Wednesday, February 07, 2018

Former Jasper R-5 Board Secretary pleads guilty to embezzling, faces up to 35 years in prison

Former Jasper R-5 School Board secretary Karla Jessee pleaded guilt today to embezzling more than $145,000 from the district.

The announcement of her guilty plea came on the same day her federal grand jury indictment for wire fraud and credit card fraud was unsealed.

Jessee could serve up to 35 years in prison without parole.

From the news release from the U. S. Attorney for the Western District of Missouri:

Justice was employed as the head bookkeeper, payroll secretary, superintendent secretary, and board secretary for the Jasper R-5 School District from 2009 until her resignation on Sept. 22, 2016. Justice’s positions with the school district gave her unrestricted access to the account and payroll systems for the school district, as well as the district’s petty cash checkbook and signatory authority for this account. Justice essentially had unlimited access to every aspect of the account and human resources functions for the district.



By pleading guilty today, Justice admitted that she embezzled a total of $145,726 from the school district from September 2013 to September 2016.

Justice admitted that she paid herself $80,858 in additional payroll above and beyond the amount allowed under her employment contract. As a result of the fraudulently received payroll, Justice also received an additional $6,731 in employer retirement contributions and $6,530 in Social Security and Medicare contributions that she would not have received otherwise.

The investigation also discovered numerous transactions involving the petty cash account, including checks and E-checks that totaled $13,929 in transactions that were conducted by Justice to pay for personal expenses that were unrelated to the activities of the district, and were not authorized by the district.

Justice also opened and used a Home Depot credit card in the name of the district, without authority or the approval of any district official. Justice used the fraudulently opened Home Depot credit card to conduct several personal purchases between Jan. 6 and Sept. 1, 2016, totaling $2,133.

The investigation revealed numerous checks that had been written on the operating account for the district. Justice did not have authority to write checks to this account but she did have access to the signature stamps for school officials, who did have signatory authority over this account. Several district employees informed investigators that Justice repeatedly asked them to cash checks for her. School officials told investigators that each of the checks discovered during the investigation were fraudulently created and Justice’s request that other employees cash these checks and give her the money was done to bypass safety measures created to prevent employees from directly cashing checks made out to themselves.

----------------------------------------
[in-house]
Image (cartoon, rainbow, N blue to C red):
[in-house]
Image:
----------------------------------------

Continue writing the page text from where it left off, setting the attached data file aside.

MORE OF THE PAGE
According to today’s plea agreement, school officials began analyzing the district’s budget when the district experienced financial difficulties. During this analysis, officials noted irregularities in payroll payments, unexplained credit card payments, and missing monies from the petty cash account. When asked to reconcile the irregularities, Justice immediately wrote out a letter of resignation.

Under federal statutes, Justice is subject to a sentence of up to 35 years in federal prison without parole. The maximum statutory sentence is prescribed by Congress and is provided here for informational purposes, as the sentencing of the defendants will be determined by the court based on the advisory sentencing guidelines and other statutory factors. Sentencing hearings will be scheduled after the completion of presentence investigations by the United States Probation Office.

This case is being prosecuted by Assistant U.S. Attorney Patrick Carney. It was investigated by the U.S. Secret Service and the Jasper County, Mo., Sheriff’s Department.



Jasper R-5 Board of Education members kept the information about the theft of district money from the taxpayers for a year and a half, first revealing the theft in a release to staff members late last year, followed by a news release for the public.

District sources told the Turner Report that a conservative estimate of the amount stolen from the district is "hundreds of thousands."

The theft forced the district to make drastic cuts to program, which were never fully explained to patrons.

4 comments:

Anonymous said...

Why aren't safeguards in place to prevent this?
In any business there would be a book keeper and then another accounting firm that reviewed the books at least once a quarter to ensure this type of thing couldn't happen.
I don't have an accounting degree, but I know this would be the correct protocol.

Anonymous said...

Where were the auditors that audited the school's books yearly? This should have been caught before three years had passed (2013 - 2016)! Why did it take administrators and board members so long to figure out something was wrong?

Anonymous said...

Hope she likes prison. She deserves to be locked up.

Dusty Roads said...

Did the Indians get all of it ?